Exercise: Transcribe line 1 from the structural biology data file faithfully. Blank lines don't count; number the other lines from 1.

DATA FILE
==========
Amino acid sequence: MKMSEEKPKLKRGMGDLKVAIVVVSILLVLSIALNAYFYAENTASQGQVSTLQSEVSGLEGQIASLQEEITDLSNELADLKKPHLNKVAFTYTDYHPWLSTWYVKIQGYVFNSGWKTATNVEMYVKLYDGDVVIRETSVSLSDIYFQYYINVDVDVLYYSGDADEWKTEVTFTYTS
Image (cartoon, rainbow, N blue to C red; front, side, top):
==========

Amino acid sequence: MKMSEEKPKLKRGMGDLKVAIVVVSILLVLSIALNAYFYAENTASQGQVSTLQSEVSGLEGQIASLQEEITDLSNELADLKKPHLNKVAFTYTDYHPWLSTWYVKIQGYVFNSGWKTATNVEMYVKLYDGDVVIRETSVSLSDIYFQYYINVDVDVLYYSGDADEWKTEVTFTYTS